That's all I had time for this week folks. Have a good one, and I will catch you next week, same time, same place
Smile - easier said than done today - I should have been wishing my brother a Happy Birthday - Oh well, one foot in front of the other, I plod on, as one does.
The Scapular Bangles
The faux bone was made using instruction from Lynda Moseley of Diva Design ( http://www.etsy.com/shop/SCDiva )and the bangles themselves from an idea taken from a tutorial on Vicky Turner's blog post Claymagination
( http://claymagination.blogspot.co.uk) - a big thank you goes out to both these artists. I imagined a camel fair, with the traders wearing these made out of camel bone in the middle of the desert. I have been a bit heavy handed with the distressing, but, if these bangles were worn in that particular situation, surely they would look as ancient and distressed as these. The secret to being able to make them so thin ( they are only 2 mm thick) and yet, durable, is to reinforce them with a piece of card between layers. I was amazed at how easy this was to do, and how much fun.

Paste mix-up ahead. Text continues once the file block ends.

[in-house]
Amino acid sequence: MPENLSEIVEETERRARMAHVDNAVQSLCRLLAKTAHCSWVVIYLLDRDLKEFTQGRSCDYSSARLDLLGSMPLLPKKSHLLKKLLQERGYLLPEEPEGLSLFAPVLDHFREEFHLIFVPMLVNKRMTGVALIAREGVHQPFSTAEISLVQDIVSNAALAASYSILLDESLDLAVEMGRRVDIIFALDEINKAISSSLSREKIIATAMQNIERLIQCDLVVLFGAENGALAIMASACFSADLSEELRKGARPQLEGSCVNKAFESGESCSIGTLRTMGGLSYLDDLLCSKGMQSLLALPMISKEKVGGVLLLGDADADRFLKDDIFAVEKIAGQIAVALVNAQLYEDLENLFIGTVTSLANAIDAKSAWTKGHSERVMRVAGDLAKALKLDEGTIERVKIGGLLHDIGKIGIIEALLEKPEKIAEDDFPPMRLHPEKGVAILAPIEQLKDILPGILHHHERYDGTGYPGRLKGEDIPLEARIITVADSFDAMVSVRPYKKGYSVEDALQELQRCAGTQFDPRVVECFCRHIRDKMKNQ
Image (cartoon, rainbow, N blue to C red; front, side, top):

I sourced the beautiful quartz needles in my next piece all the way from Russia - they come from a mine just outside St Petersburg. They have been treated to a titanium vapour coating which makes them iridescent in beautiful shades of blue, violet and gold. I could not wait to use them and made this necklace immediately - I did not have to do anything to embellish the beauty of the stones - just hang them on a beading wire with violet tear drop shaped beads as spacers - the teardrop shape helps the quartz to spread out more easily. I did hoard a couple of them - one perfect crystal for a 'point' pendant, and two little ones for earrings - I just couldn't bear to part with them all at once.
From Russia With Love
I was asked to turn the beads on the left into a statement necklace reminiscent of this glacier in Ladakh on the right.
The stones are Blue Ice Quartz, and I have seen them on many occasions all strung in a row in a choker. I bought some blue agate geodes, and each of these has beautiful markings - shards of white surrounded by blue.
The picture of the glacier in Ladakh was taken by Manish Lakhani - visit his pictures on Flickr for more pictures of this desolate, but beautiful place at .
and his blog on
This is what I came up with - Glacial Fantasy.